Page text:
Cirrhosis (of the liver)
Cirrhosis of the liver is a condition in which the liver responds to the injury or death of some of its cells by producing interlacing strands of fibrous tissue, between which are nodules of re-generating cells. The liver therefore becomes tawny and characteristically knobbly (due to the nodules).
There are many possible causes of cirrhosis of the liver.
These can include:
- Alcoholism (alcoholic cirrhosis)
- Viral hepatitis (postnecrotic cirrhosis)
- Chronic obstruction of the common bile duct (secondary bilary cirrhosis)
- Auto-Immune Diseases (chronic aggressive hepatitis, primary biliary cirrhosis)
- Chronic heart failure (cardiac cirrhosis).
Symptoms & Effects of cirrhosis of the liver may include:
- Portal hypertension
- Ascites (accumulation of fluid in the peritoneal cavity)
- Hepatic encephalopathy
Current conventional medical opinion is that cirrhosis cannot be cured but its progress may be stopped, i.e. it can be prevented from getting worse by removal of the cause.
More about the Digestive System:
This section includes pages about:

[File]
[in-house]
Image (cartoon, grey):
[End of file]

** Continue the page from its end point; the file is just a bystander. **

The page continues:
- Introduction to the Digestive System
- Terminology about Digestion
- Passage through the alimentary tract
- Component Parts of the Digestive System, incl. Teeth, Stomach, Liver, Small Intestine, Large Intestine
- Chemical Processes in the Digestive System (introductory level)
- Diseases and Disorders of the Digestive System
For further information see also our pages of books about gastroenterology.
- The digestive system (introduction)
- Digestive System Terminology
- Main Stages of the Digestive Process
- Transit through the Alimentary Canal
- Absorption Sites
- Structures of the mouth
- Teeth - as part of the digestive system
- Small Intestine
- Large Intestine
- Digestive System Diseases & Disorders